MFA FAQs

Adrian Eaton
Tech Review
Published in
4 min readFeb 9, 2024

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Cybersecurity may seem like a nuisance. I’ve personally been frustrated by MFA systems — feeling like I have to re-enter the same information again and again just to start my workday. I was logging into my computer, logging into our CRM, and then logging into my MFA application to send my phone a push notification… every day. When my connection timed out over lunch or during long meetings, I’d have to do it all again.

I’m way too impatient for this type of repetitive behavior — so why the hell do we need MFA anyways?

Photo by Azamat E on Unsplash

Even if hackers stole my password, or if my data got leaked on the dark web, whenever someone tries to login to my account I’ll receive a notification showing the login attempt and I can DENY access.

My MFA sends a push notification to Approve or Deny every login attempt. When it’s me using 2 devices just to read email, this can get frustrating. But when it’s me blocking a suspicious login attempt, this is the most satisfying tool to have.

Total control — full peace of mind.

If you think your password has been compromised, you can update it without worrying that someone might have snuck into your accounts.

Here are a few things to know about MFA, how to decide if it’s right for your organization, and how to follow-through on adoption of the new tool:

1. What is MFA?

Multi-Factor Authentication (MFA), sometimes called two-factor authentication (2FA), is a security process that protects sensitive data by requiring users to provide multiple forms of verification before gaining access to a system or application.

MFA sits on top of the user’s main login credentials (their username and password), ensuring it’s actually that user entering their credentials.

Types of MFA include an additional password, a PIN code, push notification, text message code, email code, physical token (e.g., a USB), authenticator code (e.g., Microsoft Authenticator), a knowledge factor, or biometrics (e.g., a fingerprint or facial recognition).

There are additional technical details about MFA tools to consider — like SAML and OAuth. General users don’t need to worry about these specifics, your organization’s IT Administrator should be familiar with these authentication standards. Otherwise, consider consulting with an IT MSP to learn what works best for your organization.

2. Why is MFA Important?

MFA is important because it significantly enhances your organization’s security by adding an extra layer of protection. Usernames and passwords can easily be compromised, and it’s important to have an additional authentication method in place to make sure the right people are logging in.

MFA helps prevent against unauthorized access via compromised passwords, phishing attacks, and social-engineering credential theft. MFA also ensures regulatory compliance, which is a requirement in certain industries.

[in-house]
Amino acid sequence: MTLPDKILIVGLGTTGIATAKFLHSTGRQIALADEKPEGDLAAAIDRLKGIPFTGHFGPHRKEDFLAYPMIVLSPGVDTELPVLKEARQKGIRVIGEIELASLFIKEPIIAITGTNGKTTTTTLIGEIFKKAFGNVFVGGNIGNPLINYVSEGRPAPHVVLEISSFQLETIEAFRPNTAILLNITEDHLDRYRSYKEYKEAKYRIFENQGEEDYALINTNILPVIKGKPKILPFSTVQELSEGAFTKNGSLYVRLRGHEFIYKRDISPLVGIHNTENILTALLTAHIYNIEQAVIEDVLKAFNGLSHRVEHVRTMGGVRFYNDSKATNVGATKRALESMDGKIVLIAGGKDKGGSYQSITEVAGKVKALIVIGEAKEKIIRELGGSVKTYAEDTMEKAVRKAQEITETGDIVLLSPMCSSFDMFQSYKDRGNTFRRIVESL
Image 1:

3. Is MFA Difficult to Set Up?

This answer varies on the platform you choose, as well as the complexity of your network. The number of applications and devices you want to integrate into the MFA security blanket will affect the overall difficulty of setup and deployment.

Generally, MFA is relatively straightforward to setup but difficult to enforce. User adoption depends on training, ease-of-use, and considerations into the normal workflow of your team.

Many MFA tools provide step-by-step instructions on enabling MFA. But it requires concerted planning and effective management from the IT Team to oversee the successful deployment and adoption of MFA.

To go from zero-MFA to a fully implemented solution, it may be worthwhile to consult with an IT MSP to learn best practices and helpful tips.

4. What Happens If I Lose Access To My MFA Device?

While MFA significantly enhances security, it can introduce some inconveniences as well — like the need to have a secondary device. If you lose access to your MFA device, contact your IT Support Team immediately to shut down the lost device and reconfigure your MFA profile elsewhere.

It is important to have backup protocols and safeguards in place so users can continue accessing their computers and applications uninterrupted. This means choosing an MFA tool that offers multiple modes of authentication. For example, using an MFA platform that can send a push notification, text, or email means that users will not be completely locked out if they lose their secondary device. If I usually receive a push notification on my phone, but then I lose my phone, I can use a text or email code instead and retrieve that from my laptop.

Users can receive their MFA codes through one of the other methods, while IT works to recover/wipe the lost device.

5. Can MFA Be Bypassed or Hacked?

No security measure is 100% foolproof. Be wary of anybody who tells you otherwise.

There are rare occasions where MFA can be bypassed through sophisticated cybersecurity attacks. Your IT Team should ensure your network is well-architected and secure to mitigate this threat.

The biggest threat to MFA security comes from social-engineering hacks. In the age of AI and deepfakes, hackers are able to deceive people with phony phone calls and sometimes even video calls.

It’s important for organizations to have standards in place to identify suspicious behavior. For example, if your boss has never before asked you to buy thousands of dollars worth of gift cards — you probably shouldn’t believe a phone call that’s randomly asking you to do that. Find a way to verify it’s indeed your boss making the request — be a human multi-factor authenticator!

Also look into combining MFA tools with password managers and/or single-sign-on (SSO) platforms.

I hope you found this helpful! Let me know in the comments any other important elements of MFA/2FA/cybersecurity I may have missed.

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